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New Mexico State Sees Federal Funding for Research Shrinking

LAS CRUCES, N.M.—New Mexico State University is facing a research funding squeeze.

The Las Cruces Sun-News reported Monday that research and development funds have decreased more than 16 percent at NMSU as competition has increased for scarcer federal funding.

For fiscal year 2010, the peak of federal stimulus initiatives, NMSU’s sponsored awards expenditures were $163 million.

That dropped to $157 in 2011 and $136 million last year.

“It’s tough times right now,” says Jeff Arterburn, who is working to develop a new class of drugs to combat breast cancer. “It’s very, very competitive.”

The National Institutes of Health has funded his research for many years. But the agency has recently shifted its focus to research done at the end of drug development, like clinical trials, rather than the beginning, like testing with cell cultures, he said.

If the funding isn’t renewed, his research could stop.

More than 85 percent of NMSU’s research funds comes from federal agencies, compared to an average 70 percent at most universities, said Vimal Chaitanya, NMSU’s vice president for research.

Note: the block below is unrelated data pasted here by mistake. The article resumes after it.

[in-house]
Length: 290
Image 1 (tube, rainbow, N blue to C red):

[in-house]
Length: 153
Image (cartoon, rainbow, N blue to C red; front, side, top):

Agriculture funds have especially taken a hit as state and federal appropriations for the industry’s research have “disappeared,” Chaitanya said, significantly impacting one of the university’s most prominent departments.

Faculty proposals to request research funds are also down at NMSU, from more than 800 in fiscal year 2010 to about 660 in fiscal year 2012.

Some grants established new rules limiting how many research proposals can come from one university, Chaitanya said. That leads to a university vetting process before the proposals even reach the funding organizations, he said.

Meanwhile, nationwide, more people are applying for research funds, NMSU officials said.

Still, some of NMSU’s peer institutions have seen research expenditures rise in the past few years.

The University of New Mexico spent $134.2 million in fiscal year 2011, up from about $120 million in 2010 and $115 million in 2009.

Texas Tech University’s funds have increased from $85.9 million in fiscal year 2009 to $142.7 million in fiscal year 2011.

But those universities are larger and have medical schools.

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